I’m going to more-or-less refrain from reviewing films or books on this blog (I’ve already got a site for that) but I just couldn’t resist this one.

The day before yesterday, I saw a film called The Dreamers. I wanted to watch it for a long time, so, in the end, I rented a DVD (which seems like a stupid and expensive move, but which was worth it), and watched it.

The film was directed by Bernardo Bertolucci, and scripted by Gilbert Adair. It was based on Adair’s novel The Holy Innocents. While writing the movie, he rewrote the book as The Dreamers. I had read this second version, and thought it was good but not illuminating or anything brilliant. In fact, it was somewhat boring.

But the film was utterly fabulous. It stars Michael Pitt, Eva Green (who was recently in Kingdom of Heaven) and Louis Garrel. Green and Garrel play the Siamese twins Isabelle and Theo, and Pitt plays Matthew, who is drawn into their world of film, sex and intellectual discussion, and then, when the twins’ parents leave town, Matthew moves in and they try to find their identities together.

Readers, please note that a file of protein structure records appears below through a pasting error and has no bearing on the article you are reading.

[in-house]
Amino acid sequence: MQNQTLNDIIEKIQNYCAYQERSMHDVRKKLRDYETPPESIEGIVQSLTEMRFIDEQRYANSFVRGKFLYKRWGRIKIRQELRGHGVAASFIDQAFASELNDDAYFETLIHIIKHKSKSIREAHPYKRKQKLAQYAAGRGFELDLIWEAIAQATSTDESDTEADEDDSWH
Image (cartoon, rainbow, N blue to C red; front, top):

The film is at once beautiful, sad and elegant, and the numerous film references never jar. There is a lot of nudity by all three leads (full frontal), but it is an essential part of the film rather than being simply titillating. In fact, for me, the most erotic scene was this fully clothed one: after having dinner, Isa gets up and kisses her brother on the lips. Then she turns to kiss Matthew, and her hair catches fire on a candle. Matthew puts it out, and then they kiss. “Are you staying?” she says. “Are you OK?” he asks. “Yeah, I’m OK.” That’s the most erotic scene for me.

There are problems with the film. The camera is a part of the action, as much a character as the other three, but sometimes it jars. And the characters are never very well-developed. It is as if the film needs all the outer references to survive. And lastly, the film’s climax is in the Venus de Millo scene, but it goes on for another fifteen minutes, which, while making the outcome clear, are pointless.

After everything, this film is more for film fanatics and critics than more casual film fans, but it is beautiful. Also, the film is lacking in pace, but the references usually pick it up, which is one reason they are there. Also, the film is a bit pretentious, but then, many great films are.

The film differs from the book in many respects. In the book, Matthew dies – here he doesn’t. In the book, Theo and Matthew have sex, here they don’t, which makes Theo’s connection to the others somewhat dubious and more implied than apparent in the film. But these are minor grouses.

An extensive review will soon be posted on my website.

PS: If you thought this post was boring, please wait for the next post – it’ll be more interesting.